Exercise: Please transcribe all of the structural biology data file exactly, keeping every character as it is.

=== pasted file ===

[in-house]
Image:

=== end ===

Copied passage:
[in-house]
Image: